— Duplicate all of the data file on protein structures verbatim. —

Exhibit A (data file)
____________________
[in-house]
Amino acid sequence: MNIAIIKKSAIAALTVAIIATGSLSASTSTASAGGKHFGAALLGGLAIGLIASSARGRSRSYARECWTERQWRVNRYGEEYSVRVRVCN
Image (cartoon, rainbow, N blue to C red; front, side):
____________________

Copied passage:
[in-house]
Amino acid sequence: MNIAIIKKSAIAALTVAIIATGSLSASTSTASAGGKHFGAALLGGLAIGLIASSARGRSRSYARECWTERQWRVNRYGEEYSVRVRVCN
Image (cartoon, rainbow, N blue to C red; front, side):